The New York City Ballet had to fire two of its male principal dancers over the weekend after they were accused in a lawsuit of exchanging photos and videos containing sexual content.
Zachary Catazaro, 29, and Amar Ramasar, 36, are named in the lawsuit and were even suspended at the end of August for “inappropriate communications,” officials confirmed to The New York Post.
The situation gets even worse though as the two accused ex-New York City Ballet dancers seem to just be reflecting a broader culture. Student-dancer Alexandra Waterbury, 20, filed a lawsuit against the company earlier this month and included her ex-boyfriend in the lawsuit as well. She said the company was a “breeding ground for sexual exploitation.”
She alleges her boyfriend, Chase Finlay, was the person who got the exchanges started between Catazaro and Ramasar after he wrote, “You have any pictures of girls you’ve f–ked? I’ll send you some [hot] ballerina girls I’ve made scream,” in a message he sent to a number of men who worked in the company. Finlay has since resigned.
The Manhattan Supreme Court suit also alleges that Finlay shared with the men secret recordings and photographs of women with whom he had sexual encounters.
Ramasar was one of the people who got the messages and even sent back a picture that showed the exposed breasts of a ballet dancer.
The Jewish Voice has written about these issues before. New York Fashion Week officials are getting involved with the #MeToo movement as well now as they are trying to make sure that their models feel as comfortable and safe as possible, including adding more private dressing rooms, especially for underage models, according to The New York Post.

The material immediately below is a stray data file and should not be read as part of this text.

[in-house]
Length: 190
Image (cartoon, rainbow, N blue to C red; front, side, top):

“The industry is now holding itself accountable to protecting models,” said Steven Kolb, chief executive of the Council of Fashion Designers of America. “The #MeToo movement created a space for models to speak out about harassment, assault or other issues that violated their personal well-being.”
Women and some men shared their stories on social media under the hashtag #MeToo after actress Alyssa Milano posted a message last year on Twitter that said, “If you’ve been sexually harassed or assaulted write ‘Me too’ as a reply to this tweet, we might give people a sense of the magnitude of the problem.”
“Being raped once made it easier to be raped again. I instinctually shut down. My body remembered, so it protected me. I disappeared. #metoo,” actress Evan Rachel Wood wrote as part of a series of tweets on her experience.
Milano called the Weinstein allegations “disturbing” in an essay last week, but added that she had been reluctant to comment publicly because of her friendship with Weinstein’s wife, Georgina Chapman.
“I am constantly part of this conversation even if I don’t publicly comment on specific scandals,” she wrote. “Sexual harassment and assault in the workplace are not just about Harvey Weinstein. We must change things in general. We must do better for women everywhere.”
A similar social media campaign is playing out on Instagram among models who are sharing stories of abuse and harassment in the fashion industry.
By: Erick Fischerman